This is really a 70s film, and a lot of that shows in its cinematography and its *ahem* gratuitous shots. While some scenes are beautiful and iconic in their own right, such as the prom night, others are a bit more questionable. There’s a ton of shots dedicated to sexualizing some of the high school girls with no real reason outside of it just being a thing they did back then. But where, say, Friday the 13th sexualizes their characters because it plays into the plot and motive of the film, it just feels awkward here. Like many of the side character’s performances, it’s a product of the time period and something that most likely won’t keep you from enjoying the film. Complementing the film is a fluttering, haunting score that really accentuates moments where talking isn’t necessary to convey the plot.

The climax is still the money moment of the film, and while it does have some goofiness sprinkled in, I still think it’s one of the greatest scenes in horror history. Everything from the lighting change, to the dramatic cuts and hell, even the split screens just worked for me. Its well choreographed chaos all conducted by a wide-eyed Carrie. The scene is so iconic and entertaining that the distributors didn’t even mind spoiling it in the trailers. It’s even featured on many of the film posters and DVD covers. It’s the scene everyone remembers. More than just a special effects spectacle, it’s also a pivotal moment in the narrative. I found myself really invested in Carrie’s journey towards having just one normal night among her peers, and it makes the entire prom fiasco all the more depressing, both for her and for those who were genuinely trying to do the right thing.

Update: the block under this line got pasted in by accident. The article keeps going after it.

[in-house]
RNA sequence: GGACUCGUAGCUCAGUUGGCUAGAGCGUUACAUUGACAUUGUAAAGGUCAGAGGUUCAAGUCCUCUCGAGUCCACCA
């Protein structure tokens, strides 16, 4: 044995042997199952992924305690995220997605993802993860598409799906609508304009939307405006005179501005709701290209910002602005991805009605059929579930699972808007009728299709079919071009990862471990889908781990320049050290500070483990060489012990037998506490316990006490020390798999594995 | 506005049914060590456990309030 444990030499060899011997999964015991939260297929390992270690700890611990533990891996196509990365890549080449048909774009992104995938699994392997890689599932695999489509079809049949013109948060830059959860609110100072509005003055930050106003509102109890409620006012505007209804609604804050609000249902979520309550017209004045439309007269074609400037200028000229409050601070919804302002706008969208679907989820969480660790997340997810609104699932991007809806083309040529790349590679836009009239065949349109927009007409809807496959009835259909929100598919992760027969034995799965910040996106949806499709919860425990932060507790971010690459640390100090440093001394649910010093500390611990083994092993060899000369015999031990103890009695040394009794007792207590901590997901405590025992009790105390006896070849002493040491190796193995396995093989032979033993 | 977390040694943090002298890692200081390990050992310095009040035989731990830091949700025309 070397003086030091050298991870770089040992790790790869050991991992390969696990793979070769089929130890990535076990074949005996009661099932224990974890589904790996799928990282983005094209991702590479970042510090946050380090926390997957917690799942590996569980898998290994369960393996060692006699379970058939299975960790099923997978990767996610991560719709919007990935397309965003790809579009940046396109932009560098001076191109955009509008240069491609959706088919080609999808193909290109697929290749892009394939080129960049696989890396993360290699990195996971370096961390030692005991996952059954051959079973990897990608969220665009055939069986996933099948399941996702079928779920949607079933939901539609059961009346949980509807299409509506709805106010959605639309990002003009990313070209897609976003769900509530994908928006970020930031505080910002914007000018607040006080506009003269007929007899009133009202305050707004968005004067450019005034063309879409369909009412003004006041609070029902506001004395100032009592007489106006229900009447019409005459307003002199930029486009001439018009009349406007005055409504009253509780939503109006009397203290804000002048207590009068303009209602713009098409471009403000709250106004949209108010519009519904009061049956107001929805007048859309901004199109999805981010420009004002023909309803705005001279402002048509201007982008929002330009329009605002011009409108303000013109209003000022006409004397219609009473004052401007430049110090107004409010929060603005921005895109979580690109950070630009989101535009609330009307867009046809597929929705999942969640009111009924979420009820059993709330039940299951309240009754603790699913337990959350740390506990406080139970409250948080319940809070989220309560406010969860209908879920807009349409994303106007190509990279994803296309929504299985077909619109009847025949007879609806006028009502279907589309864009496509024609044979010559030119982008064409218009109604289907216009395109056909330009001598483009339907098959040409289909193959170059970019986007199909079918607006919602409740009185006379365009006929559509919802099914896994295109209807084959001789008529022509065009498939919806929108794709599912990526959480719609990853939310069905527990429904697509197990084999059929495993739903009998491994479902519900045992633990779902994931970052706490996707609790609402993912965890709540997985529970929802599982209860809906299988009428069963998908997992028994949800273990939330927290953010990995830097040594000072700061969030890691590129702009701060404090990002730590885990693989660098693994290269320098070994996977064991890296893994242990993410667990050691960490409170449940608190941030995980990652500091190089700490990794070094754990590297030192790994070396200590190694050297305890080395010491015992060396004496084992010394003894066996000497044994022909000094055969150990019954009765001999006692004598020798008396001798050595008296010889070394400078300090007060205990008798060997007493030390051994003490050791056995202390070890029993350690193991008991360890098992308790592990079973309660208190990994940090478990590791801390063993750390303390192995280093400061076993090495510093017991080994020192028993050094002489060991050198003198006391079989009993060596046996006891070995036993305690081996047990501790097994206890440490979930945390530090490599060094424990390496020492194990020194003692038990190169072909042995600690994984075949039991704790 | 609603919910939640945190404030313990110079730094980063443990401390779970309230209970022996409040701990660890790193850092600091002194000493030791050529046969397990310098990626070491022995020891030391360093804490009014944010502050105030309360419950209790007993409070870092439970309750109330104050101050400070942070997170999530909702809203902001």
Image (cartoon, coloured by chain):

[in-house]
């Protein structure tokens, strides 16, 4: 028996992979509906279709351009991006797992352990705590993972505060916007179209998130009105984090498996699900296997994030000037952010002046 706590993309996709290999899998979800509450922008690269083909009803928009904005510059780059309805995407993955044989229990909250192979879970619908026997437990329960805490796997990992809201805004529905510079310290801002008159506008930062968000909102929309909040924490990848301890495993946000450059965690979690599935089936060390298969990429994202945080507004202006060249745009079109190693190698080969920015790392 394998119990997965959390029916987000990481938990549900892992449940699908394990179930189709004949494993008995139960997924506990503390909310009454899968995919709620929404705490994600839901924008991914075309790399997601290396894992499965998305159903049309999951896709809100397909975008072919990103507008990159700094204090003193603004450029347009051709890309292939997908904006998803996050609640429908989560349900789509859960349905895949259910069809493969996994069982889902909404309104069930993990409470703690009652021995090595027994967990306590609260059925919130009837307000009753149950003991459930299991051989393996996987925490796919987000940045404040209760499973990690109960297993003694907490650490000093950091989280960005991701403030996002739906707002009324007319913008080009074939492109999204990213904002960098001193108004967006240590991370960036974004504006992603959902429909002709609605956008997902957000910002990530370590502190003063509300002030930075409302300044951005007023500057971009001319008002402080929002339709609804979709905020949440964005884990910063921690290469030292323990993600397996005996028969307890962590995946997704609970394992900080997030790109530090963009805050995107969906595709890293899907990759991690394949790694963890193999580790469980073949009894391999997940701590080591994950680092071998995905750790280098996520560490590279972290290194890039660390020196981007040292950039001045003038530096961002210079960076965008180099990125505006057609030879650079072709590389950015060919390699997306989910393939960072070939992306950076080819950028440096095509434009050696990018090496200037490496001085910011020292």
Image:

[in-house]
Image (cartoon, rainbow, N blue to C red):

A good example of becoming a horror classic without jump scares and graphic gore, Carrie paved the way for many more narrative driven horror films that sought to utilize the genre to tell a compelling story. While age hasn’t been thoroughly kind to this one, it’s still a legendary piece of cinema and one of the best adaptations of King‘s work.

Now, as I said in my It review, about that Maximum Overdrive remake…


(out of a possible 5 tampons)

Prom Night Pig Blood

High school is volatile enough, even without buckets of pigs’ blood and telekinetic meltdowns. Prom night is supposed to be a magical night, teeming with unbridled testosterone and sneaked-in flasks. It’s supposed to be a celebration, but for Carrie, it was the beginning of the end. That doesn’t mean we can’t enjoy the good and the bad that night brings, wrapped into a single simple cocktail.

Prom Night Pig Blood is a cross between a mimosa and a spritz, made with dark blood orange juice and a bitter, red Aperol. Topped off with your favorite champagne and rimmed with sugar, you’ll feel like the queen of the ball after a few of these. I wouldn’t advise having this pigs blood poured on you, however, as its a lot harder to get out of clothes than real blood. Don’t ask me how I know that.


  • 2 oz (1.4 shot) fresh blood orange juice
  • 1 oz (.75 shot) Aperol or similar aperitif
  • Granulated sugar
  • Champagne, Prosecco, or other sparkling white wine (chilled)


  1. Wet the rim of a champagne glass with the blood orange, then coat the rim with sugar.
  2. Pour in blood orange and Campari.
  3. Top with champagne.